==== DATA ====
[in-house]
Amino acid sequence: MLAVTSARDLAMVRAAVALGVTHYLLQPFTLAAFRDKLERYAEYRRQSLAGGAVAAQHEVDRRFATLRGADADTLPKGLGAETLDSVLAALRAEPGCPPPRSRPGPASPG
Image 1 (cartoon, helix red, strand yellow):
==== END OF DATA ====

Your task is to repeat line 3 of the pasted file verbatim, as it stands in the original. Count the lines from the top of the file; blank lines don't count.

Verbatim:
Image 1 (cartoon, helix red, strand yellow):